These days, the wellness industry knows no bounds. Whether it's speeding up injury recovery or calming audition-related anxiety, trendy wellness practices promise remedies for all kinds of dancer ailments. But are these treatments effective—or safe for dancers? Here's what you should know about five popular wellness trends before getting your goop on.
Infrared saunas, which use dry heat and light color therapy, promise a host of benefits, including detoxification, improved immunity, pain relief, and stress reduction. "The basic principle of infrared is that you're using a light spectrum instead of heat, and the light spectrum creates heat within the body without it being unbearably hot in the room," says former dancer, certified athletic trainer, and acupuncturist Megan Richardson.
There isn't much research to support all of the alleged benefits. While light therapy supposedly "detoxes" deep levels of tissue, "I don't know if your skin is doing that much detoxing—that's not its purpose," said Richardson. That said, infrared saunas might help dancers relax and ease their muscle and joint pain recovery.
Vitamin IV Drips
Intravenous therapy is a staple in hospitals, but "drip bars" brand themselves as cures for dehydration and jet lag, with a bonus instant healthy glow. "IVs on demand" make house calls, and usually cost $155-185 per "vitamin cocktail."
For most dancers, vitamin IV drips probably aren't a great idea. Richardson cautions that piercing blood vessels with external instruments puts dancers at risk of infection. Plus, she notes, a high dosage of vitamins can be toxic. Richardson frames IV therapy as appropriate only for dancers with gut absorption issues, which must be diagnosed by a doctor.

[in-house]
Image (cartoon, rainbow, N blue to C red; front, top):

Tuning Fork Therapy
In tuning fork therapy, tuning forks are tapped and their vibrations are applied to the body to improve circulation in certain targeted areas. Often paired with massage or acupuncture, tuning forks could be helpful for dancers who are "unconsciously but actively holding tension in their muscles," Richardson says. "I do believe in sound therapy. There are certain frequencies that are supposed to be a little bit more aligned to nature and to our body." And there's little chance that the relatively gentle vibrations will do your dancing body any harm.
Adaptogens—edible herbs that help the body resist and recover from physical and mental stress—are part of both Chinese and Ayurvedic medicinal traditions. Commonly used adaptogens include ginseng, turmeric, ashwaganda, rhiodolia, schisandra, and reishi. And there is some evidence to back up their effectiveness.
Richardson says dancers can try adaptogens for 30 days if they're eating and sleeping properly and yet "their tank feels empty." However, "We shouldn't be living on adaptogens," she cautions. The goal is to create and maintain balance.
Breathwork involves using conscious breath patterns that direct the brain to adjust the release of stress hormones like cortisol. The practice is believed to reduce anxiety, increase alertness, and boost the immune system. "We know that when we're in pain, for example, we change our breath patterns," Richardson says.
Richardson highly recommends breathwork to improve dance performance, injury recovery, digestion, and even sleep. It's free and accessible, and beginners can start with podcasts and YouTube for guidance. "I think breathwork is incredibly powerful because it's one of the only ways we can control our autonomic nervous system," Richardson says.